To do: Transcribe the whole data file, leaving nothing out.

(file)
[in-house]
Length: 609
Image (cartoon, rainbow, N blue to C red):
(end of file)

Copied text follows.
[in-house]
Length: 609
Image (cartoon, rainbow, N blue to C red):